Atlantic City will get its eighth casino when the former Trump Taj Mahal reopens as Hard Rock next year, but the Boardwalk resort might not be the only shuttered property to return to life in 2018.

Atlantic City Atlantic Club casino resort

The Atlantic Club might soon begin its next chapter in Atlantic City. (Image: Edward Lea/Press of Atlantic City)

According to The Press of Atlantic City, a deal is in the works for Florida-based TJM Properties to sell the Atlantic Club to an unnamed buyer. TJM told the paper that it’s simply waiting on “hard money” for the deal to be formally executed.

Atlantic Club has sat vacant and closed since January 13, 2014, when the property became the first of four casinos to close that year in the wake of the US recession. The Showboat, Revel, and Trump Plaza followed in the months after, and the Trump Taj shuttered last October.

2017 has been much kinder to Atlantic City casinos, as land-based gaming win is up two percent through August. When internet gambling is factored in, casinos are up more than nine percent.

The strong revenue is fueling enthusiasm. Hard Rock is investing $500 million to renovate the Taj from an Indian-themed property to one celebrating New Jersey’s rich music history. And now it appears another suitor is ready to bet big on Atlantic City by purchasing the Atlantic Club.

After stripping the casino of its gaming machines and tables, Caesars sold the brick-and-mortar property in 2014 to TJM for $13.5 million. TJM also owns The Claridge Hotel, which is the former Del Webb’s Claridge Hotel and Casino. TJM reopened the resort as a non-gaming property in 2014.

Future Unknown

Originally built as the Golden Nugget by Steve Wynn and Michael Milken in 1980, the Atlantic Club has undergone a series of name changes throughout its history.

After its Golden Nugget days, which consisted of just seven years, the resort became Bally’s in 1987. In 1998, it was converted into Atlantic City Hilton, then the ACH Casino Resort in 2011, and finally the Atlantic Club in 2012 until its closure.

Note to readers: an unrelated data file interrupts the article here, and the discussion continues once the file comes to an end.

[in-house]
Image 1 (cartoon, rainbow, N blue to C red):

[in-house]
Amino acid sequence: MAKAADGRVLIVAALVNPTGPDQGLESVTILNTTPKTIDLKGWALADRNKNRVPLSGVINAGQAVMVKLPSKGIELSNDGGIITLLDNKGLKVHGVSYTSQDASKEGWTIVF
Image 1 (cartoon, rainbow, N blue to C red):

The next phase for the casino’s 801-room hotel and 75,000-square-foot gaming floor isn’t clear. In recent years, plans have been floated to transform the resort into a family friendly entertainment complex and waterpark.

Endeavor Property Group, a real estate developer outside of Philadelphia, unsuccessfully bid TJM to build a waterpark at the Atlantic Club in 2015. And last April, a group named R&R Development in nearby Ventnor, New Jersey, failed to come up with funding after reportedly reaching a deal with TJM to buy the property and also overhaul it into a waterpark.

R&R Back?

After R&R’s deal fell through, TJM Director of Acquisitions Dale Schooley was none too thrilled. He said at the time, “You would think they would have been sure of their financing.”

R&R was also disappointed, but said they would be back with more secure financing to make another run at buying the club.

While some believe the Atlantic Club is in need of a total overhaul, or perhaps even demolition, it sits on valuable acreage that’s just steps from Stockton University’s Gateway Project. The campus will include housing for 520 students, a new parking garage, and office space. The over $176 million project is expected to be finished next year.

The Gateway Project is largely funded through tax dollars and Atlantic County bonds. Officials hope it will revitalize the southern end of the tourism district.